I have mixed feelings about Son and I have read mixed reviews of this book. However, after reading and sitting with it for a while, I think it is a fitting end to this series of books, now referred to as The Quartet. One thing that I had to remind myself of  was all the post-apocalyptic, dystopian novels that have come since The Giver eighteen years ago, and the walloping impact of the violence in these books, the intensity of the plot and she speed of the pace of these books that stands in opposition to the book that spawned them all. The power and the horror of The Giver is in the subtlety of the world Lowry creates. It feels familiar and yet so different. On the surface, it seems like the inhabitants have a good way of life. It doesn't take an arena filled with armed children about to fight to the death to shock the reader of The Giver, just the knowledge that being released really means being killed and that the elderly, one in a pair of twins and an infant who can't learn to sleep through the night are killed to maintain the stability and peace of the Community. As Dan Kois wrote in the New York Times when comparing Lowry's quartet to "the Hunger Games and other movie-adaptation-ready YA series, where those books feature violent death and armed rebellion, the battle that Gabriel fights in Son is one in which empathy and love are his only weapons. And where the Hunger Games features a romantic triangle among three fierce revolutionaries, Son highlights the undying love of a mother for her child and the child's for his mother." This may make for a slower, more sedate story, but it also ensures a more powerful message and meaningful ending to the quartet. If these books have meant anything to you and your kids, especially if you are part of the millions of people who have read the Hunger Games, I strongly suggest you read all of Kois's article, which I wish I could quote in its entirety here. He makes some fine points, with the help of Lowry, whom he interviewed for his article, about how she learned early on in her career that she could speak to children or adults, but not both, and how this shaped her thinking when writing and what makes The Quartet so different from the new dystopian novels flooding the shelves.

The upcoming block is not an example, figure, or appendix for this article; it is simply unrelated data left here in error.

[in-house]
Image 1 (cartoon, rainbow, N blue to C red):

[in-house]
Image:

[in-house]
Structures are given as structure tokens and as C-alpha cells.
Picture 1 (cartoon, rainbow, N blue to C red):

I'll be honest, Book 3 was not as satisfying, especially as a means of wrapping up the series, as I had hoped for when reading Son. But, it was hopeful and uplifting and overflowing with love, even if it did have a bit of a fairy-tale feel to what had been a chilling work of science fiction at so many points before. But, I am an adult, not the child that Lowry wrote this book for. 



Source: Review copy and purchased audio book